Selling Linux to Windows Users
bsilver at chrononomicon.com
Thu Dec 11 21:07:44 UTC 2008
> Derek Broughton wrote:
>> Kjetil Halvorsen wrote:
>>> On Tue, Dec 9, 2008 at 15:59, Derek Broughton <news at pointerstop.ca>
>>>> Matthew Flaschen wrote:
>>>>> Derek Broughton wrote:
>>>>>> Monopoly _is_ a low-life business act, which is why
>>>>>> even the heartl of capitalism, the USA, has laws against it
>>>>>> (toothless, true, but laws all the same).
>>>>> Actually, it's perfectly legal to have a monopoly, as long as you
>>>>> don't commit ant-competitive acts to acquire or maintain it.
>>>> That's splitting hairs of the finest kind, since it's really
>>>> _difficult_ to have a monopoly without being anti-competitive.
>>> That is not splitting hairs. I prefer (in calculators) a calculator
>>> with reverse polish notation (RPN). Those are expensive because only
>>> HP makes them. But HP did nothing to monopolize the market,
>>> every maker is free to make RPN calculators. Until they do, I
>>> will have to pay HP's heavy price.
>> Are you sure they did nothing to monopolize the market? Microsoft
>> doesn't do anything to prevent competition in their markets, either -
>> they just buy out any company that _is_ providing competition. In any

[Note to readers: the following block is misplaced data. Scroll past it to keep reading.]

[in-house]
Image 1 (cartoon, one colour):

>> case, I've _owned_ non-HP RPN calculators, so HP doesn't have a
> err, by that logic, MS doesn't have a monopoly either.
Actually, Microsoft *has* used anticompetitive practices.
There is a rant written by an individual that I found extremely
articulate on reasons not to support Microsoft. A part that pertains to
this thread is thus:
This ruling was in part (not in whole) reversed by the U.S. Court of
Appeals and sent back to a lower court for reevaluation, not because the
facts that led to the initial ruling were invalid (the court unanimously
found that Microsoft engaged in unlawful conduct to maintain its
dominant position in the operating systems market) but mainly on the
grounds of unprofessional conduct by judge Thomas Penfield Jackson, who
discussed his personal feelings about the case in the press immediately
after the ruling. Although Microsoft claimed victory after this partial
reversal of the original ruling, the essence of that ruling still
stands, and Microsoft has still been found guilty of illegal monopolist
practices and other unlawful conduct, such as:
* Exclusive agreements with PC manufacturers to bundle Microsoft
* Overruling the users' decision to use Netscape Navigator
* Mixing Windows and browser code to prevent the removal of
* Agreements with ISP's to exclusively promote Internet Explorer
* Exclusive agreements with developers to create software that
forces Internet Explorer to be the default browser
* Making Internet Explorer the exclusive browser on the Apple
platform, by threatening to halt the development of MS Office for MacOS
* Lying to Java developers about Microsoft Java being cross-platform
* Pressuring Intel to discontinue development of their own
This is part of a much larger document at the site
The quote is from rants, microsoft, section 5:"Bad practice, foul play",
US DoJ: Findings of Fact.
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